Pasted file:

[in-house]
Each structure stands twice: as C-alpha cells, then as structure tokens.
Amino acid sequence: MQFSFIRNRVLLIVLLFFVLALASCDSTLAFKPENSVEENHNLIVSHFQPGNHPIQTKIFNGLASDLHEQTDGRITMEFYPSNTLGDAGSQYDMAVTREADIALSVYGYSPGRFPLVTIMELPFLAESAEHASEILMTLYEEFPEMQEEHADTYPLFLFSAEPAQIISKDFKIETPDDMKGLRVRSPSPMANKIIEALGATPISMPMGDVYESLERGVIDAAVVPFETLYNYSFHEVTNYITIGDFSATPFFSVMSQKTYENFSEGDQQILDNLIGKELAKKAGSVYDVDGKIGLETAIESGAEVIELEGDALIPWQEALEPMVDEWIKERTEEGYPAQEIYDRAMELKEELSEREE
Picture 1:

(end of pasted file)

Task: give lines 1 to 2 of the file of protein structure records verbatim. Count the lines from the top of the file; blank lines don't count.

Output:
[in-house]
Each structure stands twice: as C-alpha cells, then as structure tokens.